This paper introduces a now very popular technique to train models using gradients through discrete choices. It’s an alternative to the REINFORCE estimate (which I knew, but the first actual derivation I saw was in this paper; it’s super simple). Suppose, for instance, you’re training a model to choose between two discrete actions: either turn left or right. Given the action, some environment gives you a reward. Gumbel-Softmax gives you a way to backpropagate that reward to a neural network that produces the action.

The idea is based on the Gumbel-Max trick. Let’s say we have a vector of integers: $v = [1, 2, 3]$. Say we want a way to draw a vector $v'$ of 3 integers, such that the probability of each index being the maximum of that vector is proportional to the value. A little more precisely, I want $p(\arg\max_i v'_i = 1) = \frac{1}{6}$, $p(\arg\max_i v'_i = 2) = \frac{2}{6}$, $p(\arg\max_i v'_i = 3) = \frac{3}{6}$. One natural idea one might have is to draw a vector of uniform samples in the range $[0, v_i]$. That’s almost right, but it’s a bit biased: the probability of the last element being the maximum is not exactly $\frac{1}{2}$ in this example, but actually a bit higher. The Gumbel-Max trick is a way to fix that: if you add a random noise drawn from the Gumbel distribution to each uniform sample, then the resulting distribution has exactly the property we want.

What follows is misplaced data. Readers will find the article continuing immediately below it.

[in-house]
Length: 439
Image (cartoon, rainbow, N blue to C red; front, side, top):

On top of this, Gumbel-Softmax simply uses a Softmax layer as a continuous relaxation of the $\max$ operation. In the forward pass, you use softmax, and then discretize the output. In the backward pass, you just pretend the gradient for the discrete output is exactly the gradient to the continuous softmax prediction, and follow on normally. In practice, the softmax predictions of the model will tend to be almost one-hot, so this makes sense and works well. Apparently, it also has a lower variance than REINFORCE. The paper has an experiment demonstrating that. It also seems important to anneal the Softmax temperature during training, i.e. to take the predictions as “less one-hot” in the beginning, and increasingly make them more “one-hot”.